Monday, October 20, 2008
Walking the Country
We live about 4 miles outside a small town (pop. 3800 on an optimistic day) in North Texas. Founded in 1833, back in the day, it was a prosperous town with numerous cotton gins and four drugstores and a movie theater on the town square. Now, not so much. Our road and the adjacent land in our area has had its own identity as a distinct community for many years also. Its called Mabry. My husband hates that- he thinks it sounds like "Mayberry". I say, so what? Mabry is, of course, a family name of the people who settled here and several of their descendants are our neighbors. When you turn on to our road, an old, white church and a graveyard mark the entrance to Mabry. The school house for the community (two rooms) originally stood on our property. A small piece of the foundation and a leaning flag pole (which we still use) are all that is left today.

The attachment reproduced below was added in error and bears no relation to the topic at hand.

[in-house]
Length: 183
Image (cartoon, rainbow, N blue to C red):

Over the last 16 months I have painted mostly what I can see from our property, on our road or the drive into town. I cannot say, as Constable did, that these are "my places" given our short residency here, but nevertheless, they do feel like they are mine-at least aesthetically. Over these months, we have met our neighbors and most already knew I was an artist (that's the way it is in small towns). Many have graciously consented to let me roam their woods, pastures and fields in search of inspiration. I never have to go far. That little wooden ladder leaning against the fence behind my studio seems a perfect symbol of my place here- and I am content with that.